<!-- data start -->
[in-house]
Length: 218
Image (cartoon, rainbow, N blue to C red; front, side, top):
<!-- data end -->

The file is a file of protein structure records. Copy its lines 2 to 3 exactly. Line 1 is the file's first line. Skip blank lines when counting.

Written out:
Length: 218
Image (cartoon, rainbow, N blue to C red; front, side, top):